Sitting is the new smoking? Combatting your daily sit!
The modern lifestyle and it's effect on the body is a much discussed topic in the media and clinic these days as clients and beyond are "forced" to spend longer and longer in seated positions for work and commuting reasons. Often, this is compounded by sedentary lifestyles at home. Quick disclaimer, I am sitting down writing this article now so I am by no means exempt from this modern day curse. I also spend ever increasing periods of time sitting at work now too as the burden of paperwork ever increases. Does this mean we just give up and accept whatever fate befalls our health as a result? Well, recent research into this area gives us all hope.
An article from 2015 (Pulsford et al 2015) came to my attention last week on the effect of sitting behaviour on various health factors. Why this one in particular? Well they reported that increased sitting behaviour DID NOT affect any mortality related measures after a 16 year follow-up. WOW. So it does not matter how long you sit at work, your health will be ok. Well..not exactly.
Numerous other studies into this area have shown the past that sitting behaviour, often measured in work and leisure related time sitting, place you at greater risk of a range of health problems including bowel cancers (1), obesity (2, 3, 4) and cardiovascular disease (5). Hence why the aforementioned study pricked my ears! I should add this study is not the only one to refute the link in the past, like all research there are plenty conflicting reports. However, this one is of interest in terms of giving us an insight into a strategy on how to be more like the participants in this study than the ones above.
So how did this group of office-based workers manage to buck the trend when it came to the negative impact of sitting? Well, the study focussed on a particular group of civil servants in central London. Well it wasn't a shorter commute. They commuted for the same time, if not longer than other study participants. They also didn't sit at work any less. They sat for as long, if not longer than some studies. So they must have been doing something different right? Well yes.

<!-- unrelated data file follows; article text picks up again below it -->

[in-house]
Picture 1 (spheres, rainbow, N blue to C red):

Generally speaking, they did not commute by car. The authors proposed that perhaps the influence of working in central London meant that workers opted to instead walk or cycle to work. The ones that did not certainly may have had increased walking time through the undergrounds and train stations of London and the surrounding area. They also noted that, although comparison to other studies was difficult, it may have been that these workers participated in more social/recreational activities after work.
So what can we learn from this study? Perhaps we should not give up and just accept our chosen profession is going to affect our health. Maybe the most important thing is not what we do at work but what we do away from work. Can we cycle to work a couple times a week? Can we take a walk in the evenings? Can we finally get that 5-a-side game organised? Try standing on the bus to work. Try getting off three stops earlier and walking the rest to work. The options are endless. Find something that works for you. Make a small change today that you know you can commit to going forwards. Make a resolution today that you will walk one stop of your daily commute everyday. Every little helps.
So that deals with your health. Your heart, your lungs, your metabolism, your weight. Small changes that add up to make a BIG difference. What about your joints? What about your muscles? What impact does sitting have on your performance and your injury risk. Stay tuned for part two of the blog where we address this.
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1. Levi F, Pasche C, Lucchini F, Tavani A, La VC. Occupational and leisure-time physical activity and the risk of colorectal cancer. Eur J Cancer Prev 1999;8(6):487–93.
2. Tudor-Locke C, Burton NW, Brown WJ. Leisure-time physical activity and occupational sitting: associations with steps/day and BMI in 54 –59 year old Australian women. Prev Med 2009;48(1):64 – 8.
Ishizaki M, Morikawa Y, Nakagawa H, et al. The influence of work characteristics on body mass index and waist to hip ratio in Japanese employees. Ind Health 2004;42(1):41–9.
3. Mummery WK, Schofıeld GM, Steele R, Eakin EG, Brown WJ. Occu- pational sitting time and overweight and obesity in Australian workers. Am J Prev Med 2005;29(2):91–7.
4. Ishizaki M, Morikawa Y, Nakagawa H, et al. The influence of work characteristics on body mass index and waist to hip ratio in Japanese employees. Ind Health 2004;42(1):41–9.
5. Hu G, Jousilahti P, Borodulin K, et al. Occupational, commuting and leisure-time physical activity in relation to coronary heart disease among middle-aged Finnish men and women. Atherosclerosis 2007;194(2):490 –7.